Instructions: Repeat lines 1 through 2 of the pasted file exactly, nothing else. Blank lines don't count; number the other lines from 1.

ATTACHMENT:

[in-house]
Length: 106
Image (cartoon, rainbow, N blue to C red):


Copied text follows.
[in-house]
Length: 106